• debian-project@lists.debian.org, used to discuss various non-technical issues related to the project.

There are other mailing lists available for a variety of special topics; see https://lists.debian.org/ for a list.

4.1.3. Special lists

debian-private@lists.debian.org is a special mailing list for private discussions amongst Debian developers. It is meant to be used for posts which for whatever reason should not be published publicly. As such, it is a low volume list, and users are urged not to use debian-private@lists.debian.org unless it is really necessary. Moreover, do not forward email from that list to anyone. Archives of this list are not available on the web for obvious reasons, but you can see them using your shell account on master.debian.org and looking in the ~debian/archive/debian-private/ directory.

debian-email@lists.debian.org is a special mailing list used as a grab-bag for Debian related correspondence such as contacting upstream authors about licenses, bugs, etc. or discussing the project with others where it might be useful to have the discussion archived somewhere.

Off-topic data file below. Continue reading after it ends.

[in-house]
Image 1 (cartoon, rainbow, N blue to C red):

4.2. IRC channels

Several IRC channels are dedicated to Debian's development. They are mainly hosted on the Open and free technology community (OFTC) network. The irc.debian.org DNS entry is an alias to irc.oftc.net.

The main channel for Debian in general is #debian. This is a large, general-purpose channel where users can find recent news in the topic and served by bots. #debian is for English speakers; there are also #debian.de, #debian-fr, #debian-br and other similarly named channels for speakers of other languages.

The main channel for Debian development is #debian-devel. It is a very active channel; it will typically have a minimum of 150 people at any time of day. It's a channel for people who work on Debian, it's not a support channel (there's #debian for that). It is however open to anyone who wants to lurk (and learn). Its topic is commonly full of interesting information for developers.